1812: Having subdued virtually the entire continent of Europe under his rule, Napoleon invades Russia.
1788: The Commonwealth of Virginia becomes the 10th state to ratify the U.S. Constitution.
1850: Birth of Herbert Kitchener (d.1916), who rose to prominence in British arms after capturing the Sudan at the Battle of Omdurman, near Khartoum. As second in command during the Boer War he planned and executed a true scorched earth campaign against Boer farmers, which included the round-up and internment of their families in concentration camps, where the death rate approached 35 %. At the turn of the century, he became Commander-in-Chief, India, after which he became Council-General of Anglo-Egyptian Sudan. At the start of the Great War Kitchener was brought back to England as Secretary of State for War, focusing his attention on recruitment for the titanic struggle that lay ahead. His is the face behind the famous recruiting poster
1870: Christmas is officially declared a U.S. Federal Holiday.
1876: Under the leadership of George Armstrong Custer, the United States Army Seventh Cavalry suffers a shattering defeat at the Battle of the Little Bighorn. The coalition of Lakota Northern Cheyenne and Arapaho tribes under Crazy Horse, Sitting Bull and Chief Gall annihilated 5 of the Seventh’s companies, killing all its key leadership including Custer himself. US casualties numbered 268 killed of approximately 700 engaged; Indians suffered approximately 130 killed of the nearly 1500 engaged. The battle is carefully studied to this day by students at the Army War College in Carlisle, PA.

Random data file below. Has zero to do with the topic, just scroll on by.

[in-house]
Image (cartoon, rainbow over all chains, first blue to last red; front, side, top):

1885: Birth of Helen Keller (d.1968), the blind-deaf-mute woman whose inspiring story is told in The Miracle Worker, which details the work of Anne Sullivan in opening her world to the joys and beauty of communication.
1898: Canadian-American seaman and writer Joshua Slocum (1844-1909) arrives in Newport, Rhode Island, completing of the first solo circumnavigation of the world. He wrote of his adventure in the book, Sailing Alone Around the World, published in 1899. To quote the British author Arthur Ransome: “Boys who don’t like this book should be drowned at once.”
1900: Birth of Louis Mountbatten (d.1979), last Viceroy of India. Uncle of Prince Philip the Duke of Edinburgh, and mentor to Charles, Prince of Wales; killed by an Irish Republican Army bomb while boating at an Irish resort.